Alternate History

Prince Jagadevra of the Ganga Dynasty (The Ashes of Rome Map Game)

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Prince Jagadevra
Prince of the Ganga Dynasty

Regent of the Ganga Dynasty
Time of Regency 690-695 (Palaka I)

700 (Khadaga II)

Co-regent Chandrajara
Tax Collector of the Ganga Dynasty
Reign 695-717
Predecessor  ???
Successor  ???
Raja Khadaga II
Main Treasurer of the Ganga Dynasty
Reign 683-701
Predecessor  ???
Successor Mahakala
Raja Palaka I, Khadaga II
Full name
Jagadevra Ganga
Dynasty Ganga Dynasty
Father Khanchana I
Born 656
Bhubaneswar, Ganga Dynasty
Died 733
Bogra, Gupta Dynasty
Religion Hinduism
Occupation Court Life, gambling, drinking, partying

Jagadevra was the son of Khanchana I and a important political figure of the late 7th beginning 8th centuries in the Ganga Dynasty. Many historians credit him for single-handedly corrupting the entire economic system of the Ganga Dynasty, which resulted in problems all around the realm. Along with his brother Chandrajara, he was a prominent figure of the Grina Faction, and had a terrible influence on his nephew Khadaga II. However, some recent studies tend to prove that the man was extremely cunning and deceptive, using corruption and manipulation to get what he wanted, controlling the political scene from the shadows, an image that differ from the traditional image of a fat incompetent who lived in luxury.

Early Life

Jagadevra is the third son of Khanchana I, and the second son born from his second wife, the first one being Palaka I. He was already a spoiled brat at a young age. Her mother lost her first son Palaka, who was forced to go live in Anuradhapura in Sri Lanka as the Yuvraj, a new tradition installed by Khanchana I at the birth of his son.

After losing her son, the queen became emotionally unstable, and the her second son became the subject of all her attention. Whenever he wanted something, he could have it, leading to the beginning of a long life of luxury and decadence. Khancahan, who was occupied by his plans for the Ganga Dynasty, wasn't able to participate much in the education of his son.

Jagadevra was soon joined by two other brothers: Chandrajara in 656 and Ramapala in 659. Although he was never particularly found of both, he became close to them for political use, knowing they would all play for their brother Palaka the same role their uncles were playing for their father. But he had numerous problems with Ramapala, who was too good and loyal to their father's principles. Happily for Jagadevra, the young boy died in 667 from a disease (even if some historian supposed that he assassinated him).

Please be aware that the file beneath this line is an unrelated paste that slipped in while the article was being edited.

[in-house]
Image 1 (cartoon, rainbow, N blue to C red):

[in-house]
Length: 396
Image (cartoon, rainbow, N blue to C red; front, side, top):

As he grew up, Jagadevra became a seductive man, and it is said that no woman could resist his smile. In look and appearance, he easily overshadowed his brothers. For this reason and for his royal statute, many nobles wanted him to marry their daughter. In the end, Khanchana I forced him to marry an ugly woman in order to secure an important alliance. Jagadevra resented his father for this, and as a vengeance never consumed the marriage. He also had many adventure while married, and felt in love with many women over the time. His great look would however fade away as he gained fat with the time, but by this time he was already in a position of power, and women slept with him for this single reason.

Under Palaka I

The reign of Palaka I started during the First Great War of India, a war that Jagadevra passed feasting in Bhubaneswar (which made him the only son of Khanchana I to be present for the Raja's final moments). Many historians supposed that he thought of usurping the throne, as he was to last one to talk with Khanchana I (making it easier to make up a story about his father designing him as the heir) and that Palaka was on the front line fighting the Gupta Dynasty. Would he had really thought of it or not, in the end he never made a move, and continued his normal life in the capital.

When his brother returned from Pataliputra victorious, Jagadevra welcomed his new ruler at the front gate with a cunning smile, and congratulate him for his victory. The coronation, which was planned by Jagadevra, had to be reported for a month because of the absence of Chandrajara, who was still at Anuradhapura in Sri Lanka with the Yuvraj Khadaga. The coronation was fastidious and grandiose, more than anything ever prepared before. Jagadevra wanted it to be the most grandiose event he would ever assist, and in his journal affirmed he succeeded to the task.

As part of the tradition, siblings of the Raja were to occupy important offices in the administration. Palaka, who at the time believed his brothers were like his uncles, named Jagadevra as Main Treasurer of the Ganga Dynasty. This would be the beginning of the corruption in the Ganga Dynasty, as Jagadevra and his friends would use corruption to obtain whatever they wanted, and somehow hide it from the Raja.